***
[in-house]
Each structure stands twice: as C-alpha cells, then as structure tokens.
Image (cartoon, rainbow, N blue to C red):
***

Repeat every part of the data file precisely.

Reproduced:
[in-house]
Each structure stands twice: as C-alpha cells, then as structure tokens.
Image (cartoon, rainbow, N blue to C red):